The importance of addressing sexual trauma was emphasized by the next speaker, Lily K. Ross, a graduate of the Harvard Divinity School, who recounted her experience with a prominent ayahuasca shaman in Ecuador who she said drugged her with multiple transdermal and oral doses of scopolamine and sexually assaulted her for several weeks. The use of scopolamine in the commission of crimes is well-documented and by no means limited to those associated with ayahuasca. But this was certainly a cautionary story about the abuse of power. Ross views her ordeal as a perilous rite of passage and reflected on what she says has been the inclination of those who hear her story to either blame her or resist exploring the ethical dimensions. During the Salon, event organizer Eleonora Molnar made insightful observations that considered the potential for materials like ayahuasca to enchant those who use them in ritual contexts – especially people who are new to plant medicines and those who facilitate these experiences. She observed that it is important to honor the healing potential of these journeys and also to think critically about shamanic and neo-shamanic practitioners and others who present themselves as “healers” in this context.
The talk I presented at the salon looked at existing social science research into sexual misconduct by shamans and the conversations about this topic during past WVC events. I noted the rapid growth of the ayahuasca tourism industry and suggested that some of the resistance to discussing these challenging issues may be due in part to financial self-interest among the growing numbers of shamans, lodge owners and tour operators. I acknowledged that many shamans use this powerful medicine with integrity and noted the growing number of female shamans, neoshamans and ceremonies that address the need for safety during these rituals. Click here to read a transcript of this presentation.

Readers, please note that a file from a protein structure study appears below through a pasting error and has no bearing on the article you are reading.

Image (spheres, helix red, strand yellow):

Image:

After considering these very serious subjects, Michael Horowitz stepped up to offer a talk entitled “Antidotes to Everything” that made us laugh and remember the ego-puncturing irreverence than can accompany psychedelic experiences. The editor of books by Aldous Huxley and Timothy Leary, he told a very entertaining story about visiting Leary in prison while under the influence of LSD. Horowitz co-founded the world’s first psychoactive drug library, operates Flashback Books, and produced with his wife Cynthia Palmer two groundbreaking anthologies of women’s drug experiences, Shaman Woman, Mainline Lady and Sisters of the Extreme.
The WVC Salon ended with a beautifully crafted talk by scholar Elena Andrade entitled,”The Poetics of Ayahuasca: Lessons Learned from César Calvo.” Andrade discussed how drugs can be a technology of control. She sparked an intriguing conversation about how the widespread use of anti-depressants, marketed heavily by pharmaceutical companies, may suppress our sense of outrage necessary for meaningful political reform. Andrade presented the idea that despair prompted by our present economic system increases dependence on these substances which in turn make citizens more docile and easily manipulated.
While we considered this observation, Eleonora Molnar skillfully brought the Salon to a close leaving us with an exquisite short film by Vancouver-based filmmaker Simon Haiduk. This piece of visionary art, entitled “Calling the Others,” reminded us how psychedelic experiences can renew our sense of wonder and our connection to each other and all life around us.
This page contains affiliate links. When you purchase a product through an affiliate link, your costs will be the same, and WVC will receive a small commission. This helps us to cover some of the costs for this site. Thank you so much for your support!